Q: I owe approximately $70,000 on a mortgage. The home was purchased in 2005 for $149,000, and now the interest is fixed at 4 percent. Current payments are just under $800 a month. I have saved $70,000 that is earning 1 percent, and have no major bills or debt besides the mortgage. I would like to keep enough for six months in an emergency fund, and put a big chunk toward the mortgage. Is this OK?
A: There is a recurring theme to questions like this: There is no one right strategy for all people, because it really comes down to the specifics. In your case though, you have certainly set yourself up to deal from a position of strength.
Prepaying your mortgage is a worthwhile option to consider, because it is hard to imaging refinance rates getting low enough to justify your refinancing again (assuming that is how you got a 4 percent rate after originally buying in 2005, when rates were considerably higher). Thirty-year mortgage rates are currently at around 4.5 percent, and 15-year rates are at a little above 3.5 percent, so unless there is a major slide in refinance rates, 4 percent is probably the best you are going to do.
So, as for the prepayment option, here are some things to consider:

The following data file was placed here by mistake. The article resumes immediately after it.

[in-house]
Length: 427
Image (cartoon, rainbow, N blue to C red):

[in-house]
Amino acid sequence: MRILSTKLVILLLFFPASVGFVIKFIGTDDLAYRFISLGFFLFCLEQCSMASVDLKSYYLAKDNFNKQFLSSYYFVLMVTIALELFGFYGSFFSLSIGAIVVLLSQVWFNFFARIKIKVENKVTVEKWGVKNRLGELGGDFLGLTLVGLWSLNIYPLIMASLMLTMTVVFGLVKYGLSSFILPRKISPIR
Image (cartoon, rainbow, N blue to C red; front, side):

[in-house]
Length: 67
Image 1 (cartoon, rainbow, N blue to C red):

- Potential tax benefits. While your mortgage is at 4 percent and interest on savings accounts is at 1 percent or lower, keep in mind that the deductibility of mortgage interest does narrow this gap somewhat -- if you are in a tax position to take advantage of it. Just make sure you have factored this in when weighing your options.
- Prepayment penalties. Check your mortgage to make sure there is no penalty for paying off the loan early. If so, those penalties often have expiration dates, meaning you might want to invest the money for now, and pay off the mortgage after the prepayment penalty expires.
- Income. It sounds like your balance sheet is in good shape, but what about your income? Are you earning enough to cover your bills, and most importantly, how confident are you in your source of income? If you have any doubt about your income, lean toward keeping your money liquid.
- Retirement savings. You might consider putting some of your money into retirement savings rather than your mortgage. Between the tax deduction of mortgage interest and the tax deferral of retirement earnings, you stand an excellent chance of earning more on money invested this way than you are paying on the mortgage.
In any case, congratulations on your sound financial approach. By focusing on saving rather than spending, your options come down to different ways of doing something constructive -- building wealth.
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